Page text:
Health Information Technology (HIT) leaders have for decades focused primarily on a vision of computerizing health information, going paperless, and improving the access to that information by many members of the clinical team across settings. To reduce the burden of capturing information that can be displayed on a computer screen, HIT vendors have developed document imaging, optical character recognition, and voice recognition technology. And, they have created clinical documentation systems that allow the user to enter simple codes to insert blocks of text into their notes quickly. Over the last 15 years, most HIT leaders have recognized that there is some value in “structured data” — health information in the form of codes that computers can interpret rather than just display. In response to this recognition, EHR vendors have added “template charting” features that allow users to do exception editing of some coded values in notes. They have developed sophisticated systems to interpret the meaning of textual information and convert that text into structured data. And, they have created messaging standards that allow orders, clinical documents (notes) and continuity of care information to be shared across systems and care providers.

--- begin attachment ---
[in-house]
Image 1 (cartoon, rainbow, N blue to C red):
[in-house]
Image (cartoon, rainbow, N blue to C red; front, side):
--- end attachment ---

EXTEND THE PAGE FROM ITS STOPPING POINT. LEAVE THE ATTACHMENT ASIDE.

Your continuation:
But, the problem that remains is that the structured data that is being captured and exchanged is “passively structured.” Although the current crop of EHR systems may allow some of the health information to be represented with codes, the EHR tools and the care process itself do not assure the capture and transmission of particular pieces of information required to support particular down-stream uses of the data, such as reminders, alerts, quality and performance metrics, and comparative effectiveness studies. The clinical leaders that are focused on improving care processes, and the health services researchers that are trying to measure performance and comparative effectiveness are well aware that missing data is crippling to the usefulness of passively structured data. The real care process improvement and performance and effectiveness measurement efforts of Accountable Care Organizations requires “actively structured” health information. To assure the completeness of the information, they use “registry” applications, questionnaires, and data collection forms. And, they transmit this information in formats that rigorously enforce the meaning and completeness of the structured information. The objective is not to capture as much structured data as possible. The objective is to assure the accuracy and completeness of particular data elements that you are relying on for specific, strategically important purposes.